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Comparing Team Member Effectiveness in Integrated and Non-Integrated First-year Introductory Design Courses

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Conference

2017 ASEE Annual Conference & Exposition

Location

Columbus, Ohio

Publication Date

June 24, 2017

Start Date

June 24, 2017

End Date

June 28, 2017

Conference Session

Teaming & Collaborative Learning

Tagged Division

Educational Research and Methods

Page Count

9

Permanent URL

https://peer.asee.org/28054

Download Count

41

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Paper Authors

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Tejasvi Parupudi Purdue University

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Graduate student at Purdue University, pursuing my PhD in Electrical Engineering. I am passionate about curriculum design and design thinking courses for first year engineering technology students. I am also passionate about diversity education and how peer groups work to solve globally relevant grand challenges.

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Sarah Knapp Purdue University

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Master of Architecture, Tulane University, New Orleans, LA
PhD Candidate, Purdue University, West Lafayette, IN

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Amelia Chesley Purdue University

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Amelia Chesley is currently a PhD candidate in Rhetoric and Composition at Purdue University. She is interested in intellectual property, remix culture, transdisciplinarity, and online communities. Her dissertation research investigates the public curation and digitization work being performed by volunteers for the audiobook archive LibriVox.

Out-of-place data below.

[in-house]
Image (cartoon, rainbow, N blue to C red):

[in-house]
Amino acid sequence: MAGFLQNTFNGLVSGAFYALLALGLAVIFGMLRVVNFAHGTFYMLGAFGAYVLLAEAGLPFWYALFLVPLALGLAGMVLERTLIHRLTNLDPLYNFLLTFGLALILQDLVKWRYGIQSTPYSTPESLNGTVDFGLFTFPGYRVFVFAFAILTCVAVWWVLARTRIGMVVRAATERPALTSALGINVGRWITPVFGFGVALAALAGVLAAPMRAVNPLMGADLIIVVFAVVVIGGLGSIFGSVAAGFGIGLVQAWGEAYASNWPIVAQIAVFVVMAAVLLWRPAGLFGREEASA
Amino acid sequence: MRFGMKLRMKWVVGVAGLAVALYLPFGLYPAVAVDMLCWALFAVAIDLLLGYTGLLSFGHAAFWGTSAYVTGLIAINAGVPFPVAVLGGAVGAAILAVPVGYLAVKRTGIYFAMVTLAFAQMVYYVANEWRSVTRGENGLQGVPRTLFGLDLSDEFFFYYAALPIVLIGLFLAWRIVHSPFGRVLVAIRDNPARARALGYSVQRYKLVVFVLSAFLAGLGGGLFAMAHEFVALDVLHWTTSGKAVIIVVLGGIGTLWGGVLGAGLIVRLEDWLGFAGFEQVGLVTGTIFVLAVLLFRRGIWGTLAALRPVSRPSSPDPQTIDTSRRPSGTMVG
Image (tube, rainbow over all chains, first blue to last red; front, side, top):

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Nathan Mentzer Purdue University, West Lafayette (College of Engineering)

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Nathan Mentzer is an assistant professor in the College of Technology with a joint appointment in the College of Education at Purdue University. Hired as a part of the strategic P12 STEM initiative, he prepares Engineering/Technology candidates for teacher licensure. Dr. Mentzer’s educational efforts in pedagogical content knowledge are guided by a research theme centered in student learning of engineering design thinking on the secondary level. Nathan was a former middle and high school technology educator in Montana prior to pursuing a doctoral degree. He was a National Center for Engineering and Technology Education (NCETE) Fellow at Utah State University while pursuing a Ph.D. in Curriculum and Instruction. After graduation he completed a one year appointment with the Center as a postdoctoral researcher.

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Dawn Laux Purdue Polytechnic Institute

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Dawn Laux is a Clinical Associate Professor in the Department of Computer and Information Technology (CIT) at Purdue University. She has been with the University since 2007 and is responsible for teaching database fundamentals courses and introductory technology courses. Laux has 10 years of industrial experience in the information technology field, and her research area of interest includes technology readiness, the social impacts of technology, and increasing interest in the field of computing.

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Abstract

This research paper looks at whether the formal integration of three required introductory courses across two university colleges improves students’ effectiveness as team members working together on a final design project and presentation. First-year experiences and course integration programs of many kinds have been implemented and carefully studied (Bannerot, Kastor, & Ruchhoeft, 2010; Enke, 2011; Smith 2011; Gardner, 2013). Previous research in this area has focused mainly on STEM-only integration or on limited residential and academic learning communities; reports generally confirm the potential for integrated and interdisciplinary curriculum to improve student learning transfer, academic engagement, and sense of community. Our integration program extends this work, and this analysis describes how student teamwork is effected when multiple courses are formally integrated across disciplines.